ABSTRACT: INTRODUCTION: What is the role of genetic factors in the pathophysiology of idiopathic Parkinson's disease, one of the most frequent neurodegenerative disorders? In the past two years, identification of two genes and localization of a third one have supported the hypothesis that genetics factors are involved in idiopathic Parkinson's disease. We present arguments that support such hypothesis, and describe recent advances in genetic studies of idiopathic Parkinson's disease. CURRENT KNOWLEDGE AND KEY POINTS: The first gene identified on chromosome 4 encodes alpha-synuclein. It causes a rare form of autosomal dominant Parkinson's disease. A locus on the short arm of chromosome 2 was recently identified in families with autosomal dominant Parkinson's disease. More recently, the gene encoding Parkin (located on chromosome 6) has been described. It already appears to be an important locus for juvenile parkinsonism with autosomal recessive transmission. CONCLUSION: We now have to understand how mutations in these genes lead to selective degeneration of dopaminergic neurons, and to determine whether or not they participate in the genetic susceptibility of idiopathic Parkinson's disease.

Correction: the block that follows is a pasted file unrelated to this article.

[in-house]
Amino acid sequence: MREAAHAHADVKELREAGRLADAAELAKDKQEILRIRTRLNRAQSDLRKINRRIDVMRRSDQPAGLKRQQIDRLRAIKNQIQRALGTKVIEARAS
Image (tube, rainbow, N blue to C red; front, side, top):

La Revue de Médecine Interne 09/1999; 20(8):709-14. · 0.61 Impact Factor